$R = \frac{me^{4}}{8 \epsilon^{2}_{\circ} c h^{3}} \qquad(8)$

So equation $(7)$ can be written as

$\frac{1}{\lambda}=z^{2} R \left( \frac{1}{n_{1}^{2}} -\frac{1}{n_{2}^{2}}\right) \qquad(9)$

This is Bohr's formula for hydrogen and hydrogen-like atoms $(He^{+}, Li^{++},.......)$.

For hydrogen $Z=1$

$\frac{1}{\lambda}= R \left( \frac{1}{n_{1}^{2}} -\frac{1}{n_{2}^{2}}\right) \qquad(10)$

The value of the Rydberg Constant is

$R = \frac{me^{4}}{8 \epsilon^{2}_{\circ} c h^{3}} = 1.090 \times 10^{7} m^{-1}$

This value fairly agrees with empirical value $(1.097 \times 10^{7} m^{-1})$ obtained experimentally by Balmer.

The total energy in terms of Rydberg's Constant:

The $E$ expression can be written in terms of Rydberg's constant $R$ in a simplified form. So from equation $(5)$ and $(8)$ we get

$E=-Z^{2}\frac{Rhc}{n^{2}} \qquad(11)$

Putting the known values of $R$, $h$ and $c$ taking $1 eV =1.6 \times 10^{-19} \: J$ then we get

$E=-Z^{2}\frac{13.6}{n^{2}} \: eV \qquad(12)$

For a Hydrogen atom, $Z=1$

$E=-\frac{13.6}{n^{2}} \: eV \qquad(12)$

## Bohr's Model of Atom

Bohr's Atomic Model Postulates:

Prof Neil in 1913 Bohr solve the difficulties of Ernest Rutherford's atomic model by applying Planck's quantum theory, For this, he proposed the following three Postulates:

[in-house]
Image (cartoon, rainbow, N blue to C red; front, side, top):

1.) Electrons can revolve only in those orbits in which their angular momentum is an integral multiple of $\frac{h}{2 \pi}$. These orbits have discrete energy and definite radii. So it is called the "stable orbits". If the mass of the electron is $m$ and it is revolving with velocity $v$ in an orbit of radius $r$, then its angular momentum will be $mvr$. According to Bohr's postulate,

$mvr=\frac{nh}{2\pi}$

Where $h$ is Planck's universal constant
This Bohr's equation is called the "Bohr's quantization Condition"

2.) When the electrons revolve in stable orbits then they do not radiate the energy in spite of their acceleration toward the center of the orbit. Hence atom remains stable and is said to exist in a stationary state.

3.) When the atoms receive energy from outside, then one (or more) of their outer electrons leaves their orbit and goes to some higher orbit. These states of the atoms are called the "excited states".

The electrons in the higher orbit stay only for $10^{-8} \: sec$ and return back to anyone lower orbit. While returning back of electrons to lower orbits, they radiate energy in the form of electromagnetic waves.
This radiated energy can be calculated by the energy difference of the electron between the two orbits (i.e. one is higher orbit and the other is lower orbit). If the energy of electron in the higher orbit is $E_{2}$ and that in the lower orbit is $E_{1}$ then net energy difference between the orbits:

$E=E_{2} - E_{1}$

$h \nu=E_{2} - E_{1} \qquad \left( \because E=h\nu \right)$

$\nu=\frac{E_{2} - E_{1}}{h}$

This Bohr's equation is called the "Bohr's frequency condition".